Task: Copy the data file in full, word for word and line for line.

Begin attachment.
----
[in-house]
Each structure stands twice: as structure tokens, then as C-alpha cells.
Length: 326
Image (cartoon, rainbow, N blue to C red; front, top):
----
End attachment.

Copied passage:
[in-house]
Each structure stands twice: as structure tokens, then as C-alpha cells.
Length: 326
Image (cartoon, rainbow, N blue to C red; front, top):